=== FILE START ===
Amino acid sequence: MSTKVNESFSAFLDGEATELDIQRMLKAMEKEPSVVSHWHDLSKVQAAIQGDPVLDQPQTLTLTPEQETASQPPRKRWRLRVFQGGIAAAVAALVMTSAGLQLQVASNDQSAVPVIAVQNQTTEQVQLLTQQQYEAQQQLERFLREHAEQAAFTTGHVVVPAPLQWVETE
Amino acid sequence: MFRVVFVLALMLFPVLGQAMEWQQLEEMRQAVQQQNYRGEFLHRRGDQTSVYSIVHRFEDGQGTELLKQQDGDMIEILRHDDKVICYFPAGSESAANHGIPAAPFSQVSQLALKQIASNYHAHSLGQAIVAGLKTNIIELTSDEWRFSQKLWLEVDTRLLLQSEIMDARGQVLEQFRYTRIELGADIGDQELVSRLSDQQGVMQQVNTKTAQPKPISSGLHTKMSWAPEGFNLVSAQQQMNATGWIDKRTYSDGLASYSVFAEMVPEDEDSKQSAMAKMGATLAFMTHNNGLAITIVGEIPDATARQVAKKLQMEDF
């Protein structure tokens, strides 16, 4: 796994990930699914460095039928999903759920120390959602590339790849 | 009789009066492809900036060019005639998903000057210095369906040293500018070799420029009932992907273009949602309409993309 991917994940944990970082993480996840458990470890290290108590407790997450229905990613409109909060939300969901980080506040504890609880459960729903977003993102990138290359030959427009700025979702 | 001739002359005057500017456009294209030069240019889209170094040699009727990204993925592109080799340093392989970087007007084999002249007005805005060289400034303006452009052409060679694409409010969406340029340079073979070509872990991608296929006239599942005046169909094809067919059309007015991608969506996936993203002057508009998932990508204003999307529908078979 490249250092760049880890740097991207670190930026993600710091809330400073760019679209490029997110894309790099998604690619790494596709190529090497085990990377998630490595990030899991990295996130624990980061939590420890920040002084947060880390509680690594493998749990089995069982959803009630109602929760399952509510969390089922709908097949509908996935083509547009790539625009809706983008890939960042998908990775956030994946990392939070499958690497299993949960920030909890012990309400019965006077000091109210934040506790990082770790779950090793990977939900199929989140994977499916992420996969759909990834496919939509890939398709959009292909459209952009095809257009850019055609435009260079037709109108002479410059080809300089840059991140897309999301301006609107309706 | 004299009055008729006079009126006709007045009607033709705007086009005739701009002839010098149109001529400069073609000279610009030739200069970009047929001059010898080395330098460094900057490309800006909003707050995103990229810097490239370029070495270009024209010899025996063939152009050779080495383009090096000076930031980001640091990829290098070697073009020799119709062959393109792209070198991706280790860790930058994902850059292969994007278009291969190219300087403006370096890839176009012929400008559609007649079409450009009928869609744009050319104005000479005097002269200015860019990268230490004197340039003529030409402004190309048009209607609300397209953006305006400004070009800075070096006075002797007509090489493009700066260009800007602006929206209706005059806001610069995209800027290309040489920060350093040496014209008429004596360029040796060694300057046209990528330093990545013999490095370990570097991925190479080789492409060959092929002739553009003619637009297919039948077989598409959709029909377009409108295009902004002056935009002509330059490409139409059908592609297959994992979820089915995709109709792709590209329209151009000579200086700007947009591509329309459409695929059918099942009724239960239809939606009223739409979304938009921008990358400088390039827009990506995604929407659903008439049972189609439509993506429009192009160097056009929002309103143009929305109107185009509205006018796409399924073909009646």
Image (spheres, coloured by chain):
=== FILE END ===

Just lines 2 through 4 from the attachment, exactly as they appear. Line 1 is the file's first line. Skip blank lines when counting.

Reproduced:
Amino acid sequence: MFRVVFVLALMLFPVLGQAMEWQQLEEMRQAVQQQNYRGEFLHRRGDQTSVYSIVHRFEDGQGTELLKQQDGDMIEILRHDDKVICYFPAGSESAANHGIPAAPFSQVSQLALKQIASNYHAHSLGQAIVAGLKTNIIELTSDEWRFSQKLWLEVDTRLLLQSEIMDARGQVLEQFRYTRIELGADIGDQELVSRLSDQQGVMQQVNTKTAQPKPISSGLHTKMSWAPEGFNLVSAQQQMNATGWIDKRTYSDGLASYSVFAEMVPEDEDSKQSAMAKMGATLAFMTHNNGLAITIVGEIPDATARQVAKKLQMEDF
């Protein structure tokens, strides 16, 4: 796994990930699914460095039928999903759920120390959602590339790849 | 009789009066492809900036060019005639998903000057210095369906040293500018070799420029009932992907273009949602309409993309 991917994940944990970082993480996840458990470890290290108590407790997450229905990613409109909060939300969901980080506040504890609880459960729903977003993102990138290359030959427009700025979702 | 001739002359005057500017456009294209030069240019889209170094040699009727990204993925592109080799340093392989970087007007084999002249007005805005060289400034303006452009052409060679694409409010969406340029340079073979070509872990991608296929006239599942005046169909094809067919059309007015991608969506996936993203002057508009998932990508204003999307529908078979 490249250092760049880890740097991207670190930026993600710091809330400073760019679209490029997110894309790099998604690619790494596709190529090497085990990377998630490595990030899991990295996130624990980061939590420890920040002084947060880390509680690594493998749990089995069982959803009630109602929760399952509510969390089922709908097949509908996935083509547009790539625009809706983008890939960042998908990775956030994946990392939070499958690497299993949960920030909890012990309400019965006077000091109210934040506790990082770790779950090793990977939900199929989140994977499916992420996969759909990834496919939509890939398709959009292909459209952009095809257009850019055609435009260079037709109108002479410059080809300089840059991140897309999301301006609107309706 | 004299009055008729006079009126006709007045009607033709705007086009005739701009002839010098149109001529400069073609000279610009030739200069970009047929001059010898080395330098460094900057490309800006909003707050995103990229810097490239370029070495270009024209010899025996063939152009050779080495383009090096000076930031980001640091990829290098070697073009020799119709062959393109792209070198991706280790860790930058994902850059292969994007278009291969190219300087403006370096890839176009012929400008559609007649079409450009009928869609744009050319104005000479005097002269200015860019990268230490004197340039003529030409402004190309048009209607609300397209953006305006400004070009800075070096006075002797007509090489493009700066260009800007602006929206209706005059806001610069995209800027290309040489920060350093040496014209008429004596360029040796060694300057046209990528330093990545013999490095370990570097991925190479080789492409060959092929002739553009003619637009297919039948077989598409959709029909377009409108295009902004002056935009002509330059490409139409059908592609297959994992979820089915995709109709792709590209329209151009000579200086700007947009591509329309459409695929059918099942009724239960239809939606009223739409979304938009921008990358400088390039827009990506995604929407659903008439049972189609439509993506429009192009160097056009929002309103143009929305109107185009509205006018796409399924073909009646």
Image (spheres, coloured by chain):